Friday, December 28, 2007

2007 was a very good year

LAS CRUCES — Whatever the breaking news, the most vivid, standout moments of 2007 for me were spiritual and artistic, and often both.
There were talks with hundreds of artists, and, for our new collectors series, with discerning souls who collect everything from mice and military memorabilia to lutes, butterflies and dollhouses.
There was a spring trek through Tularosa, with former Las Cruces Jean McDonnell, who showed me a new cultural center, and how one of my favorite little communities is on track to become one of the world’s leading centers of Tibetan culture and healing traditions.
There was an afternoon at the new Temple Beth-El, seeing the just-installed Ark of the Covenant beautifully crafted by Melvin Kirschner and his son Bob and painted by Debbie Levy.
I discussed Geronimo’s life and legacy with his descendant, Harlyn Geronimo.
There was a bright fall day, wandering through what is reportedly North America’s oldest continuously inhabited community, Acoma Sky City, with my soulmate Dr. Roger and a friendly dog, and a friendly guide, Waya Gary Keene, who seemed familiar. It wasn’t until I got to the Acoma cultural center and saw his art that I remembered he’d been artist of the week years ago, after I met him at an NMSU powwow.
Doc Severinsen was another familiar face...we’d last met years ago in Palm Beach, when I was promoting his concert for a benefit for the Palm Beach County Arts Council. He was charming and fit as ever. He didn’t seem to miss a beat or a breath, bounding up and down the aisles at Pan Am, for high-energy numbers with Mariachi Cobre and the Las Cruces Symphony.
I keep telling amigos that if you stay in one special place long enough, much of the rest of the world will come by. Who would think Doc would choose Las Cruces for his farewell performance with a symphony, or that I would end the year hanging out on the Downtown Mall waiting for Charlese Theron, who, with fellow Oscar actress Kim Basinger, was in town to film a major motion picture?
Remarkable things seem almost routine in synchonicity city. When I peered into the pool blue, old soul eyes of “The Burning Plain” director-screenwriter Guillermo Arriago, and he told me he loves the Organ mountains and wants to buy a house here, I wasn’t surprised. He won’t, of course, be our first Oscar-nominated screenwriter: Mark Medoff settled in many decades ago and has gone on to make several films and take two plays born here to Broadway (his first won a Tony Award).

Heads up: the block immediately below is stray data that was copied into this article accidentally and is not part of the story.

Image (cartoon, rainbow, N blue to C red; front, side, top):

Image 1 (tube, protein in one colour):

Another great moment in theater came with the premier of Bob Diven’s fun and moving dinosaur musical “Extinction.” It was nice to see what has happened in the decade I’ve been watching Isaac Quiroga and Jessie Medoff Bunchman. They’ve grown into amazing talents. So has Bob. I enjoyed a metaphysical morning with him, sitting on a bale of hay before RenFaire opened, discussing where we came from, why we’re here and where we’re going.
Later, we joined several other Las Crucens for NMSU’s Great Conversations dinner and benefit, which those who attended hope will be an annual event. I left feeling blessed, because I live in a city where people love great conversations, and my vocation allows me (in fact, requires me) to have hundreds and sometimes thousands of great conversations every year.
Still, sometimes, a dance or a meatball or a tamale is worth a thousand words. I love the Tortugas pilgrimage, and the day of dancing that follows and was happy to share it with dear amigos, newlywed Santa Fe childhood sweethearts reunited. Thanks to David Fierro, who snuck me “backstage,” I also finally managed to overcome deadlines and enjoy my first official Guadalupe fiesta albondigas, plucked from a pot of steaming the fiesta itself, a sagey, spicy, spiritual experience.
So was my first Tamalada. I planned to just dash in and cover the workshop at La Cocina Restaurant, but sponsors, members of Grijalva family and Denise Chavez of the Border Book Fest Foundation, insisted I get hands-on experience, and I built at least 60 veggie, chicken and green chile and desert tamales. I am now a licensed Tamalera and I have the certificate to prove it. Nice to know I have another career to fall back on, if journalism pales.
But events are popping there, too. Our Web site reached a monthly peak of 1,300,000 visits. I started a blog and embraced our future as mojos: mobile journalists transcending print media to download audio and video online.
And speaking of new generations, art and spirituality again combined for one of my most moving personal moment of ‘07, sitting on the back patio watching son Ry and grandson Alex composing and playing duets on their guitars as the sun rose over the mysterious Organs, mood ring of our querencia.
I thought of all the conversations I’ve had with newcomers who said they saw our Shangri-la mountains and knew this was the place, and remembered talks with spiritual, artistic souls before I decided to move here, who concluded that Las Cruces is the place where great souls of the planet have come to circle their wagons, pitch their tents and make their last American stand, to preserve and rekindle what is best and brightest of la raza cosmica in portentous times.
May you find creative adventures in our querencia in 2008.
S. Derrickson Moore can be reached at